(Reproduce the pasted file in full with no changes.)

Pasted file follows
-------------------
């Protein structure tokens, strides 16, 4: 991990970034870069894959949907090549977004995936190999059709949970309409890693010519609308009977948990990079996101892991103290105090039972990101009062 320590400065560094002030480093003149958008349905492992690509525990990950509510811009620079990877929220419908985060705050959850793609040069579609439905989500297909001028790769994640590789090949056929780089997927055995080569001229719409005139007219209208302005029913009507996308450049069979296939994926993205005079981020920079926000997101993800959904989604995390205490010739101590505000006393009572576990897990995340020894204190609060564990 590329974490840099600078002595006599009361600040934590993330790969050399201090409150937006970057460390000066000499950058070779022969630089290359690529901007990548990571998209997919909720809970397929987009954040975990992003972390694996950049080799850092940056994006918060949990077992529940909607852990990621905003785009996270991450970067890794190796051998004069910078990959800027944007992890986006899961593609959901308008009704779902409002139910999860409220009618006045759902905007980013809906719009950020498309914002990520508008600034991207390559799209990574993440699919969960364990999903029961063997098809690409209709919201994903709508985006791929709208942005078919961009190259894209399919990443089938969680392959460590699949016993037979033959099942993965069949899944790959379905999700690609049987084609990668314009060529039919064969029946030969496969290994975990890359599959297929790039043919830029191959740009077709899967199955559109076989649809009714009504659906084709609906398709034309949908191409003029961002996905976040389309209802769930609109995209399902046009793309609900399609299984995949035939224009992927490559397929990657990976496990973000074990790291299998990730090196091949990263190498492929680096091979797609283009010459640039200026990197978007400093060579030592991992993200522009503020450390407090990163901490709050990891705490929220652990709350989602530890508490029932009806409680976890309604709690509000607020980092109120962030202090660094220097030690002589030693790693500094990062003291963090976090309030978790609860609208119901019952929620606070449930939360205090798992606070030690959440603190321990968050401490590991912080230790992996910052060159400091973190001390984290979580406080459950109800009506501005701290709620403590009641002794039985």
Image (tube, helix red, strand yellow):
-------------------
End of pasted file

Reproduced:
């Protein structure tokens, strides 16, 4: 991990970034870069894959949907090549977004995936190999059709949970309409890693010519609308009977948990990079996101892991103290105090039972990101009062 320590400065560094002030480093003149958008349905492992690509525990990950509510811009620079990877929220419908985060705050959850793609040069579609439905989500297909001028790769994640590789090949056929780089997927055995080569001229719409005139007219209208302005029913009507996308450049069979296939994926993205005079981020920079926000997101993800959904989604995390205490010739101590505000006393009572576990897990995340020894204190609060564990 590329974490840099600078002595006599009361600040934590993330790969050399201090409150937006970057460390000066000499950058070779022969630089290359690529901007990548990571998209997919909720809970397929987009954040975990992003972390694996950049080799850092940056994006918060949990077992529940909607852990990621905003785009996270991450970067890794190796051998004069910078990959800027944007992890986006899961593609959901308008009704779902409002139910999860409220009618006045759902905007980013809906719009950020498309914002990520508008600034991207390559799209990574993440699919969960364990999903029961063997098809690409209709919201994903709508985006791929709208942005078919961009190259894209399919990443089938969680392959460590699949016993037979033959099942993965069949899944790959379905999700690609049987084609990668314009060529039919064969029946030969496969290994975990890359599959297929790039043919830029191959740009077709899967199955559109076989649809009714009504659906084709609906398709034309949908191409003029961002996905976040389309209802769930609109995209399902046009793309609900399609299984995949035939224009992927490559397929990657990976496990973000074990790291299998990730090196091949990263190498492929680096091979797609283009010459640039200026990197978007400093060579030592991992993200522009503020450390407090990163901490709050990891705490929220652990709350989602530890508490029932009806409680976890309604709690509000607020980092109120962030202090660094220097030690002589030693790693500094990062003291963090976090309030978790609860609208119901019952929620606070449930939360205090798992606070030690959440603190321990968050401490590991912080230790992996910052060159400091973190001390984290979580406080459950109800009506501005701290709620403590009641002794039985």
Image (tube, helix red, strand yellow):